There are many great Civil War books written by veterans who have left us valuable accounts of the actions that decided the conflict. One of the best, however, isn’t about the battles the author experienced. It is about the life of the Civil War soldier.
John D. Billings, a veteran of the 10th Massachusetts Battery, recorded his memories of what it was like to serve in the Army of the Potomac. His book, Hardtack and Coffee, is considered a classic of Civil War literature. In the following two selections from his chapter Army Rations, Billings writes about the two topics in his book’s title.
I will speak of the rations more in detail, beginning with the hard bread, or, to use the name by which it was known in the Army of the Potomac, Hardtack. What was hardtack? It was a plain flour-and-water biscuit. Two which I have in my possession as mementos measure three and one-eighth by two and seven–eighths inches, and are nearly half an inch thick. Although these biscuits were furnished to organizations by weight, they were dealt out to the men by number, nine constituting a ration in some regiments, and ten in others; but there were usually enough for those who wanted more, as some men would not draw them. While hardtack was nutritious, yet a hungry man could eat his ten in a short time and still be hungry. When they were poor and fit objects for the soldiers’ wrath, it was due to one of three conditions: First, they may have been so hard that they could not be bitten; it then required a very strong blow of the fist to break them. The cause of this hardness it would be difficult for one not an expert to determine. This variety certainly well deserved their name. They could not be soaked soft, but after a time took on the elasticity of gutta-percha.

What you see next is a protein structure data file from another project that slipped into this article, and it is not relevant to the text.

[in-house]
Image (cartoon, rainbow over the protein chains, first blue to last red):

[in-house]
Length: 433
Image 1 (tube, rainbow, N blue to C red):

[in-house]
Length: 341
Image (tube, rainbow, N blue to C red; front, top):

The second condition was when they were mouldy or wet, as sometimes happened, and should not have been given to the soldiers. I think this condition was often due to their having been boxed up too soon after baking. It certainly was frequently due to exposure to the weather. It was no uncommon sight to see thousands of boxes of hard bread piled up at some railway station or other place used as a base of supplies, where they were only imperfectly sheltered from the weather, and too often not sheltered at all. The failure of inspectors to do their full duty was one reason that so many of this sort reached the rank and file of the service.
The third condition was when from storage they had become infested with maggots and weevils. These weevils were, in my experience, more abundant than the maggots. They were a little, slim, brown bug an eighth of an inch in length, and were great bores on a small scale, having the ability to completely riddle the hardtack. I believe they never interfered with the hardest variety.